Of all the bad situations, the worst Fisk has had to deal with was his appointment to Pike River Coal.
He started his job as receiver barely a month after the explosion that claimed 29 lives and while fires still raged beneath the ground.
He says the decision to take the job was not made lightly, and the competing pressures - and intense media attention - tested him and his firm.
"We were dealing with an asset that had exploded, and the reputational risk of someone else dying while we were in charge was quite high.
"There was a lot of uncertainty whether we would ever get this under control - there was a risk it would continue burning for years, and potentially be an environmental disaster," he says,
"There was also this clash between the commercial and legal responsibilities that we had as receivers, against families who - at that stage - had some sort of hope that the company would be able to get the mine under control and they'd be able to get some sort of closure with the men's bodies being returned."
Despite these clashes, Fisk says he and the Pike River families reached an accommodation of sorts with the shared objective of stabilising the mine.
"In a sense we were actually working together, even if you wouldn't have thought so looking from the outside."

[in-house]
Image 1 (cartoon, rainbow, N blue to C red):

More mundane, but equally significant, has been Fisk's involvement in cleaning up the melted-down finance company sector.
His role as coroner for several of the highest-profile casualties - who lost more than $1 billion between them - gives him some perspective on what went wrong.
Fisk relays a particularly frank insight from a company director as to how the sector operated: "He told me they could turn on and off the cash coming into the place based on the interest rate they advertised. If you wanted a bit more cash, you raised the interest rate half a per cent - as long as you didn't go over 10 per cent, because that was seen as a risky investment - and the money would come rushing in."
But where to direct this river of cash? Most was thrown at increasingly risky property developments, with all the attendant risks of illiquidity and exposure to market bubbles.
"Fundamentally they were flawed businesses in that they borrowed short and lent long. So it was always dependent on the investor base having confidence to last the distance.
"As soon as you have a crisis of confidence, even though the loans might have been described as only being six months, the reality is you were never going to get your money back in that time period."